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Friday, May 16, 2008

Ballack And Mourinho News



















Ballack On Mourinho, Envy And Moscow

Jose Mourinho was sacked by Chelsea at the beginning of this season after coming out on the losing end with the powers that be at Stamford Bridge, this despite turning them into a footballing superpower for the first time in their history, with successive Premier League wins and an enviable haul of the Carling and FA Cups.

The one prize that eluded him - at least with Chelsea - was the Champions League, as he was knocked out of the competition twice at the semi-final stage by Liverpool, and once by Barcelona in the quarterfinals.

The relatively unknown and understated Avram Grant - formerly director of football at the club - took over from Mourinho, to the behest of the supporters. However, having quietly gone about his job, he took them to the final day in the league title race with Manchester United, finishing second, and face the same team in the Champions League final - Chelsea's first - on May 21.

A major player in this late-season push has been Michael Ballack. Since signing for the club on a free in 2006, he has failed to live up to his reputation as one of the best attacking midfielders in the world, but has pulled out almost all the stops in recent weeks, displaying sheer world class game after game for the Blues.

When asked how much credit for Chelsea's current success goes to Mourinho, without giving a straight answer, he suggested that he believes the Special One deserves ample praise.

Speaking to Stern magazine, he opined: "Jose Mourinho, the manager from Portugal, put this team together shortly before he was fired – would a Champions League victory also be his victory? You should put that question to our manager Avram Grant."

When asked when he had last spoken to infamous club owner Roman Abramovich, he revealed it was in March, after the Carling Cup final defeat to Tottenham Hotspur that had many calling for Grant's head.

"That was in March, after the final of the Carling Cup," he revealed. "I wasn't the one who asked for an appointment. [We talked] about football, of course. He has the goal of making us the best team in Europe. And so I assume that if we beat Man United in Moscow then Roman Abramovich will be a happy man."

Tremendous Energy

Ballack insists that, despite the incredible finances shelled out to put this team together, it was one that is still in the process of being built.

"Our style of play is different to that of Manchester, our game has a tremendous energy," he continued. "If our team could get some fine-tuning then things would look good for the next couple of years. As a team we're still in a development stage.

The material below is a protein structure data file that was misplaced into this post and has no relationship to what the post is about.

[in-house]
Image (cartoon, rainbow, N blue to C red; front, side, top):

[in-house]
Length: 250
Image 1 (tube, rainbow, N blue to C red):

"You have to understand that the club has only been playing at this high level in Europe for a few years. And as yet it hasn't developed the typical Chelsea style.

"You have to win titles, titles, titles. That's the only way to start a tradition. We have to work to win their favour."

Envy

He has also shrugged off the waves of criticism the Blues receive from football fans for the vast fortune they have at their disposal. "You do notice the envy, but after all it's the same in other clubs. The only difference is: Roman Abramovich was one of the first to invest his own private fortune into a football club. But look at Manchester United, Liverpool or Manchester City - they have the same structure of ownership. That's the reality in the strongest league in the world."

With the Champions League in sight, Chelsea will fancy themselves, having had the most recent bragging rights when considering head-to-head meetings between the two clubs.

Their 2-1 win in April put the title race right in the balance, but United's significant advantage on goal difference proved to be decisive, as on the final day, once the Red Devils took a 2-0 lead at Wigan Athletic, Chelsea knew even if they held on for their win against Bolton Wanderers, it would mean nothing. A scrappy, last-minute goal saw them finish the game level, a goal apiece.

Ballack insists that was "expected" - contrary to words from the likes of team-mate John Obi Mikel - and that he is now focused on Moscow, insisting this is his side's year, after already being on the losing side in a final once in his career, when playing for Bayer Leverkusen and losing 2-1 to Real Madrid in 2002, courtesy of a Zinedine Zidane wonder-goal.

"Unfortunately, that was to be expected, and we aren't too disappointed," he said of United's title win. "But you go into the Champions League season every year and you say to yourself: this year is our year."

He continued, adding that he has adapted his game to force himself into the Blues' starting line-up: "I've learned a lot in these two years with Chelsea. Tougher on myself? I probably have been, but mainly I've become tougher on the other players.